Image result for dragon age inquisition tactics view

Likewise, the text options were similar. Although Origins had a silent protagonist – and therefore provided the player with full sentences to choose from – and Inquisition improved sightly on DAII’s system, adopting a more Mass Effect-style dialogue wheel, the moral ambiguity was captured well, like in previous titles. A new addition was the approval system. While Origins let you cheat by not taking certain companions if you thought they wouldn’t particularly like the decisions you’d be making, in Inquisition all of your companions find out what you do during each quest, and weigh in on it, adding another layer of balancing social relationships to the already convoluted politics and plot being waded through.

The Deviation and the Down-Low

This series has gone through a bit of a story evolution…

Image result for dragon age meme damn it anders

Yeah. The plots of the first two games are fairly straightforward (even Dragon Age II and its many story threads), but I remember sitting and literally taking notes about what was going on in Inquisition, trying to piece together the overarching story that the game kept alluding to but never actually pinned down. That doesn’t make it a bad story, it just was a story that was so much larger than the other games, and sought to expand on the world, slap down the Dalish elves, and take on its own theology, all in 60 hours. So that was a bit of a shock, but somehow managed to pull itself together enough to not be seen as hoaky or as taking itself too seriously.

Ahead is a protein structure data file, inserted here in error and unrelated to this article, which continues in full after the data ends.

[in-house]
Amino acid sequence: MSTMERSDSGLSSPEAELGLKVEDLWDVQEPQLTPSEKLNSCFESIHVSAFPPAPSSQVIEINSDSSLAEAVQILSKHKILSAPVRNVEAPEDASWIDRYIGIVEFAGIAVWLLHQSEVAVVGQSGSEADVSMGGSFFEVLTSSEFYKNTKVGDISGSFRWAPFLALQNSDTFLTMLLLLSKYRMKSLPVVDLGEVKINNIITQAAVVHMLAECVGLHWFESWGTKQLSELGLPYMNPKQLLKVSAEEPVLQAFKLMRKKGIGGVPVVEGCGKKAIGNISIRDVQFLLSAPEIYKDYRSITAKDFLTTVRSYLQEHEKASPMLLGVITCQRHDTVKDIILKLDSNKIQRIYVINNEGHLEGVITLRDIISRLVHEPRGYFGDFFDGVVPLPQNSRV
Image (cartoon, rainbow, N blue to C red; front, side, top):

But I think the big difference between the first and third installments is how the main character was portrayed on screen. The silent protagonist of Origins causes the dialogue options to be written in full: we are thus able to superimpose our own tone of voice onto them.

Image result for dragon age origins dialogue